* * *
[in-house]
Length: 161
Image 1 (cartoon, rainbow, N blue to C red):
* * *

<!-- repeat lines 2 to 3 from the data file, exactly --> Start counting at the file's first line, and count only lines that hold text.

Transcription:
Length: 161
Image 1 (cartoon, rainbow, N blue to C red):